Easy and Simple Recipe For Delicious Crepes.
After five full days of heavy down pours, my household needed something to lift their spirits. I needed to cheer myself up as well! Since food cheers everyone up in my household, I needed to find a dish that we all loved. One of those dishes was my crepas! My mom used to make these things for me when I was growing up. She didn't make them too often, they were a lot of work, but when she did, my brothers and I would eat our full of them, often to the point of making ourselves feel sick!
Although crepes technically are French, almost every country in the world has their own variation of this food. In Latin America, crepes go by a variety of names, the most common one being crepas, not very original, I know. In Argentina and Chile they are called panqueques, and in Spain, primarily in the Galicia region, they are known as filloas. In Italy they are referred to as crespella, and in Jewish cuisine they are known as a blintz.
I find the crepe filling just as delicious as the finished crepe, and I often end up eating almost half the filling before I have even filled my first crepe! Fillings vary just as much as the crepe name does. To give you an idea of how many variations there are of crepe filling, there are entire restaurants specializing in, and serving up, nothing but crepes (such as Crazy Crepes, whose sign is pictured at the top). In Latin America, the most common type of filling is dulce de leche, or caramelized milk. If you are in Mexico, the filling usually has some cajeta in it, which is similar to dulce de leche except that it's made out of goats milk, not cows milk. In El Salvador, although I cannot say that crepas are a traditional food, they are still heartily enjoyed throughout the country and are usually composed of some sort of white cheese, such as cuajada fresca, and a little fruit. I like to make my crepas out of a mixture of ricotta cheese, which is extremely similar to cuajada fresca cheese, and cream cheese. If I have some cottage cheese laying around I always throw that in too. If you do not have ricotta cheese, you can actually make the kind used for crepes out of milk, heavy cream, and lemon juice, and I have placed a note at the bottom of this post discussing how to do this.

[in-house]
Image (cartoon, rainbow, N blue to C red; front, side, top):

Here's my recipe for an exceptionally easy crepa filled with ricotta and cream cheese. I first cook all my crepes, then I fill them, fold them, and recook them. Although my household usually eat crepas for dinner, many people eat them for breakfast or just for a snack. This recipe makes about 25 crepes and you may want to double the recipe if you have a family full of crepa lovers.
1.5 cups of ricotta cheese or cream cheese**See note at bottom.
6 oz. cup cream cheese
1 tbsp. salted butter, melted
1/2 cup granulated sugar
1/2 tsp. salt
1 tsp. vanilla extract
3 cup of milk
2 1/4 cup all purpose flour, sifted
4 tbsp. salted butter, melted completely
1 tsp. salt
- For filling, mix all ingredients together until well combined. Set aside.
- In a new bowl, to make the crepe batter, whisk the egg and milk together.
- Add in melted butter and mix until combined.
- Sift in flour and salt and mix until combined.
- Pour crepe batter into a container with a spout so you can pour it easily.
- Heat up a small skillet on medium and butter the pan.
- When butter in pan is hot, pour in a small amount of crepa batter and immediately move the skillet around so that thin layer coats the entire skillet evenly.
- Flip the crepea over after about a minute to cook on the other side and then.
- When the crepe is done cooking, place it on a plate and cook the rest of the batch.
- When done cooking the crepas, fill them all with filling, fold them up, and recook them for about 2 minutes on each side so that you can cook the filling inside.
- When done, top crepas with whatever you like. The most common toppings are fruit preserves or powdered sugar. My husband likes to add hot sauce to his (!).
If you are out of ricotta cheese and want to make your own, simply heat 2 cups of whole milk with 1 cup of cream. Stir constantly so mixture doesn't break. When temperature reaches about 195 F, (around when the time the mixture starts to boil), add in 1 Tbsp. of lemon juice or vinegar (I like lemon juice), and remove pan from heat. After about 15 minutes, pour curdled milk through a sieve to drain the "juice". What remains in the sieve is your fresh ricotta!
by Crepe Recipe.